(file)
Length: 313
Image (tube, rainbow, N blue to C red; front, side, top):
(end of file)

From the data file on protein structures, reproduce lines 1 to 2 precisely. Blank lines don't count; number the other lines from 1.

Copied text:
Length: 313
Image (tube, rainbow, N blue to C red; front, side, top):